Resistance Training: Arts, Sports, and Civil Rights
If you were a professional athlete, a world-renowned artist, or a public figure, how would you use your popular status to effect change? In what directions and to what ends?
About the Exhibition
Resistance Training: Arts, Sports, and Civil Rights explores the shared values between artists and athletes in the advancement of social justice-related issues. Throughout history artists have looked to athletes and other public figures as sources of inspiration, encoding moments of social change in the works of art they create. This exhibition brings together a group of contemporary artists who investigate the intersection of sports and the advancement of civil rights in the United States. From their own personal love of athletics and relationship to sports, to the material and visual culture of athletics, and key moments in this subject’s history, the artists employ a wide range of strategies to share their perspectives.
This is also a Spartan story. Athletics at Michigan State University has been celebrated over the years for its progressive stance when it comes to racial and social integration, and gender equality. However, these battles were often hard won, and the work continues today, making this exhibition all the timelier. In observance of the recent 50-year anniversary of the passing of Title IX legislation in this country (1972), it is an important moment to highlight the many victories in this struggle for civil rights, specifically through the unique relationship between the arts and sports, while also learning from the past and the ongoing struggle for social justice.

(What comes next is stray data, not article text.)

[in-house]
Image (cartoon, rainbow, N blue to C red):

Resistance Training: Arts, Sports, and Civil Rights is organized by the Eli and Edythe Broad Art Museum at Michigan State University and curated by Steven L. Bridges, Senior Curator and Director of Curatorial Affairs, and Thaís Wenstrom, Curatorial Research and Administrative Assistant. Major funding for this exhibition is provided by the Alan and Rebecca Ross Endowed Exhibitions Fund, the MSU Federal Credit Union, and the Eli and Edythe Broad Endowed Exhibitions Fund, with additional support from Professor Charles Gliozzo.